Tolkien’s recollection that writing the Hobbit blurb was the spur for Númenor, therefore, shows that the Númenor idea arose between 5 and 8 December 1936, or in the days immediately following. The Oxford University Christmas vacation had just begun, and may well have afforded time to push it forward. There was a rapidly jotted story outline. A full version of The Fall of Númenor, also written at speed, followed probably immediately.
At some point in the following days, weeks, or months Tolkien used the Númenor story as the basis for the unfinished time-travel novel The Lost Road.
In my article for the Telegraph, I argued that the ‘wager’ with Lewis may have been struck at the same time as Tolkien had the initial Númenor inspiration – that is, in the days immediately following Allen & Unwin’s request for a Hobbit publicity paragraph. I’m still inclined to think that may have been the case. But further methodical work with Lewis’s letters has now uncovered another important and hitherto unnoticed detail about the wager and its results. (The Collected Letters of C S Lewis, as I say in my 2006 Observer review of the third and final volume, is a marvellous resource and a tremendous read.)
Editing The Fall of Númenor and The Lost Road, Christopher Tolkien infers from physical and textual similarities that both of them ‘arose at the same time and from the same impulse’ (The Lost Road and Other Writings, 9). It is now clear, though, as Tolkien’s 1956 letter shows, that two separate impulses were at play. The Númenor idea itself first arose from the Hobbit ‘blurb’ of early December 1936. But Tolkien’s novel of time-travel to Númenor, The Lost Road, arose from Lewis’s proposition that they should each write ‘an excursionary “Thriller” … discovering Myth’ (Letters, no. 24, to Stanley Unwin, 18 February 1938). This was the basis of their so-called wager. And the wager may or may not have coincided with the impulse for the initial Númenor legend at the time Tolkien wrote the Hobbit blurb.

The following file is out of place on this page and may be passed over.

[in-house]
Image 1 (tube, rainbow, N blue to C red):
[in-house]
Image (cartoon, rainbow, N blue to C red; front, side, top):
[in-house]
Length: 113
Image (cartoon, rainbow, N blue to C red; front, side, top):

The roots of Lewis’s idea certainly go further back. He had seen the potential for conveying serious spiritual ideas in adventure thrillers and science-fiction after reading David Lindsay’s A Voyage to Arcturus (Lewis to Charles A Brady, 29 October 1944; to Ruth Pitter, 4 January 1947; and to William L. Kinter, 28 March 1953). Lewis had not yet read that book on 7 December 1935 when he mentioned it in a letter to his friend Arthur Greeves. Another revelation of the potential value of genre fiction, particularly in conveying spiritual or theological ideas, was the work of Charles Williams (later welcomed into Lewis and Tolkien’s circle of Oxford friends, the Inklings). Lewis told Arthur Greeves on 26 February 1936 that he had ‘just read’ Williams’ The Place of the Lion. By the time of a 24 June letter to Leo Baker, Lewis had also read Williams’ Many Dimensions.
What seems to have gone unremarked in previous discussions of the chronology of the wager is that Lewis identified two later – and therefore more immediate – catalysts for his space-travel novel Out of the Silent Planet. The first was reading Olaf Stapledon’s Last and First Men (no earlier than May 1937). The second was a conversation with a pupil (probably in June 1937).
Crucially, the Pelican edition of Last and First Men which Lewis read was not published until May 1937. (See James Pardey, The Art of Penguin Science Fiction. In a letter to Roger Lancelyn Green on 28 December 1938, Lewis refers to this as the ‘Penguin Libr.’ edition, because Pelican was an imprint of Penguin, the hugely successful publishing house launched in 1935.)